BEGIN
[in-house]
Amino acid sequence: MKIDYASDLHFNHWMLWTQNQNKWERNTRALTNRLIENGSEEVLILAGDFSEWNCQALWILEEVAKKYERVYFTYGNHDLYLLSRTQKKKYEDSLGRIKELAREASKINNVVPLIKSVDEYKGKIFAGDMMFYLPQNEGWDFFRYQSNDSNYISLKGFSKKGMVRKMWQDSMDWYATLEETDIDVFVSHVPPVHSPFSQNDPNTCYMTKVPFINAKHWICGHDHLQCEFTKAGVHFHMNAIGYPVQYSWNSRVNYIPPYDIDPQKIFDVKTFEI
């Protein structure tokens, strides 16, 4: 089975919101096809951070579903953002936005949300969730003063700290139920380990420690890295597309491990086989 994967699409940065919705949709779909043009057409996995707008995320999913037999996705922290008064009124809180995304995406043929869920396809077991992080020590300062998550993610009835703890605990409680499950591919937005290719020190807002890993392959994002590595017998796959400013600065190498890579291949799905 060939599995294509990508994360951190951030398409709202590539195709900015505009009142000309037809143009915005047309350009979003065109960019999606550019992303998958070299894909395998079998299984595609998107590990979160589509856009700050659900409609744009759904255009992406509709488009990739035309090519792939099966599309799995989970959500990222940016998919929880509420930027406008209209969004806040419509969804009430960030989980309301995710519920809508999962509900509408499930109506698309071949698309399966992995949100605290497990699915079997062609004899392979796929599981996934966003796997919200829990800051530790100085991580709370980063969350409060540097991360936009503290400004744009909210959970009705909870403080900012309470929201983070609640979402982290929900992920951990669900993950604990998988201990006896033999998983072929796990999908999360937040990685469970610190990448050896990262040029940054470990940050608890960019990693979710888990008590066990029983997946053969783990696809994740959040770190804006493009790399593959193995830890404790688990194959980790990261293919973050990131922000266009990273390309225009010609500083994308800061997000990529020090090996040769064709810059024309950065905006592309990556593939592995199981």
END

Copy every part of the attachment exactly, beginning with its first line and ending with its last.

[in-house]
Amino acid sequence: MKIDYASDLHFNHWMLWTQNQNKWERNTRALTNRLIENGSEEVLILAGDFSEWNCQALWILEEVAKKYERVYFTYGNHDLYLLSRTQKKKYEDSLGRIKELAREASKINNVVPLIKSVDEYKGKIFAGDMMFYLPQNEGWDFFRYQSNDSNYISLKGFSKKGMVRKMWQDSMDWYATLEETDIDVFVSHVPPVHSPFSQNDPNTCYMTKVPFINAKHWICGHDHLQCEFTKAGVHFHMNAIGYPVQYSWNSRVNYIPPYDIDPQKIFDVKTFEI
């Protein structure tokens, strides 16, 4: 089975919101096809951070579903953002936005949300969730003063700290139920380990420690890295597309491990086989 994967699409940065919705949709779909043009057409996995707008995320999913037999996705922290008064009124809180995304995406043929869920396809077991992080020590300062998550993610009835703890605990409680499950591919937005290719020190807002890993392959994002590595017998796959400013600065190498890579291949799905 060939599995294509990508994360951190951030398409709202590539195709900015505009009142000309037809143009915005047309350009979003065109960019999606550019992303998958070299894909395998079998299984595609998107590990979160589509856009700050659900409609744009759904255009992406509709488009990739035309090519792939099966599309799995989970959500990222940016998919929880509420930027406008209209969004806040419509969804009430960030989980309301995710519920809508999962509900509408499930109506698309071949698309399966992995949100605290497990699915079997062609004899392979796929599981996934966003796997919200829990800051530790100085991580709370980063969350409060540097991360936009503290400004744009909210959970009705909870403080900012309470929201983070609640979402982290929900992920951990669900993950604990998988201990006896033999998983072929796990999908999360937040990685469970610190990448050896990262040029940054470990940050608890960019990693979710888990008590066990029983997946053969783990696809994740959040770190804006493009790399593959193995830890404790688990194959980790990261293919973050990131922000266009990273390309225009010609500083994308800061997000990529020090090996040769064709810059024309950065905006592309990556593939592995199981």